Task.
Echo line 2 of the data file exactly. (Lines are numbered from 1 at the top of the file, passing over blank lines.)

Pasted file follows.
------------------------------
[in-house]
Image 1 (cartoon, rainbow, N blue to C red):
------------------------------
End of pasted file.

Image 1 (cartoon, rainbow, N blue to C red):